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Mekong Regional Development Cooperation with the Republic of Korea Economic reform, Economic cooperation

Author KIM Taeyoon, AN Donghwan, JI Seongtae, YOON Taeyeon, MAHASUWEERACHAI Phumsith, LEE Yongeun, KIM Bheomseok, and KIM Nari Series 세계지역전략연구 19-05 Language Korean Date 2019.12.31

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   Considering the meaning of Korea’s full participation in Mekong development, this study provides the current status and strategies of Mekong regional partners by reviewing the Mekong development strategies from Japan, China, and the United States. In this process, the multilateral cooperation through the Mekong Regional Cooperation Organizations was sought. The interviews with policy authorities and experts through on-site surveys suggest desirable directions and specific measures for cooperation between Korea and Mekong regional cooperation organizations. This study includes ① analysis of economic growth, trade and investment status by using statistical data of the Mekong countries, ② comparison with previous research results, and ③ interviews with experts, government officials, non-profit organizations in the Mekong region.
   Previous research includes the historical context of Mekong development, the strategic support in response to the expansion of communism with UN’s support in the 1950s, and discourse on the background and limitations of the cooperation in the Mekong region mainly from Thailand’s perspective. The Greater Mekong Subregion (GMS) Program initiated by the Asian Development Bank (ADB) created discussions on the political side of Japan, China, and India in the late 1990s. The CLMV countries’ accession to ASEAN and subsequent regional development gaps were the essential issue for the further development of the Mekong region.
   The Mekong River Committee (MRC) is one of the leading regional multilateral cooperation and serves as a primary platform for Mekong regional water resource development cooperation. Korea has little collaboration with MRC, but it is necessary to develop a cooperation strategy focusing on poverty reduction by considering a regional water resource management and development to take advantage of Korea’s water resources development and irrigation experiences through science and technology-based joint research.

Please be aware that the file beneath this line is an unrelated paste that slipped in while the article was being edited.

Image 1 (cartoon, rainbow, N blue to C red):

The Mekong Institute (MI) has education and training programs in the Mekong area, which has a significant advantage in establishing a local network. A strategy is needed to promote education programs using specific cooperation areas and link them to business forums. It is also essential to check the effectiveness of the Korea-Mekong Cooperation Fund and to set a better direction.
   Thailand’s Mekong Economic Cooperation (ACMECS) is looking forward to Korea’s involvement in funding and will use these resources to promote the development of infrastructure and energy in the country. In particular, it seeks to develop the road, railway, telecommunication, and energy sectors of the East-West Economic Corridor and the Southern Economic Corridor. Korea can consider triangular strategic cooperation with ACMECS.
   As ASEAN’s connectivity strategy has a great impact on the development of the Mekong region, Korea should devise a strategy to participate in projects that enhance linkage with the Mekong region by actively utilizing the six implementation strategies presented in the Master Plan of ASEAN Connectivity (MPAC 2025). The government needs to establish a framework for Korean private companies and NGOs to make full use of the Korea-Mekong alliance. For example, policy research institutes such as Japan’s influential ASEAN Institute (ERIA) and China’s Influential Mekong Development Research Center (GCMS) can be referred to.
   Besides, ADB’s GMS program emphasizes the spatial strategy to operate the existing physical infrastructure so that the government and the private sector can consider participating in various areas such as city networks, industrial clusters, business partnerships, cross-border cooperation platforms, etc.
   Since 2009, Japan has promoted the Japan-Mekong Summit and expanded investments in infrastructure to strengthen its connectivity to support its companies’ entry into the Mekong area and to respond to climate change in the framework of ‘Green Mekong’. The positive image was solidified by increasing the sustainable use of resources. Japan’s Asian development strategy has established a think tank, ERIA, in 2006, which has a significant impact on ASEAN’s policy-making process, including the Mekong region.